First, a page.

The DHSC is responsible for the continuity of supply of medicines and manufacturers have a legal requirement to inform DHSC of any supply problems.

DHSC and NHSE/I have now launched an online Medicines Supply Tool, which provides up to date information about medicine supply issues. The contents of this report can now be viewed on the Tool. To access the Tool, you will be required to register with the SPS website. Please be aware that emails from SPS may be diverted to your junk mail folder.

Further information may be issued by a Medicine Supply Notification (MSN) to providers.

We are also aware that prescribers may also be asked for an alternative by pharmacies if there is a local supply issue.  This will need to be considered on a case-by-case basis.

Serious Shortage Protocols (SSPs) have also recently been introduced to enable community pharmacies to dispense agreed alternatives without requesting a prescription amendment.

How to access information:

SPS Medicines Supply Tool :  Requires simple free registration process and log in to access –  Medicines Supply Tool – SPS – Specialist Pharmacy Service – The first stop for professional medicines advice

Mims Shortage Tracker : requires registration and is  only available to subscribers – not free Drug shortages – live tracker | MIMS online

PrescQIPP : Out of stock bulletins and intelligence – Requires simple free registration process and log in to access – Out of stock bulletins and intelligence | PrescQIPP C.I.C

Current SSPs:

BSW ICB Medicines Shortages - Local tips

Medication Unavailable - alternative request form for Community Pharmacy use


Prescribing available medicines to treat ADHD during national shortages

Oct 2023 - National information, including links to the relevant National Patient Safety Alert and lists of availability of ADHD medicines (content maintained by DHSC) is hosted by SPS Medicine Supply Tool [note SPS website requires users to register and log in].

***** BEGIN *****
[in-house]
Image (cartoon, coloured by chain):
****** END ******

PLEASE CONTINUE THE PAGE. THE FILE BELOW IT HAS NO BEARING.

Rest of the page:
Additionally, SPS have published a series of national resources to support the ongoing management of supply disruption of medicines used to treat ADHD:-

Medicines Information Bulletin from AWP - Managing ADHD Medicines Shortages in ADULTS: Advice for Primary Care (October - December 2023)

BSW ICB commission a CAMHS service from Oxford for ADHD in children and young people. They have produced these Patient Information Leaflets to be shared with patients:

Guanfacine (Intuniv)

Lis-dexamfetamine (Elvanse and Elvanse Adult)

Methylphenidate (Equasym XL, Xaggitin XL, Concerta XL, Xenidate XL)

This information from a bordering CAMHS service might be useful:
AWP Sirona and CAMHs information for children and young people - Managing ADHD Medicine Shortages in CAMHS: Advice for Primary Care (October – December 2023)

Community paediatric teams contact information:

HCRG Contacts
Wiltshire SPA
Telephone 03002470090
Telephone 03002470055
Swindon area
Contact via Cinapsis advice and guidance email for Community Paediatrics
CAMHS Services – Oxfordshire 9am – 5pm Monday to Friday
Oxfordshire Neurodevelopmental Conditions Pathway
Getting More Help South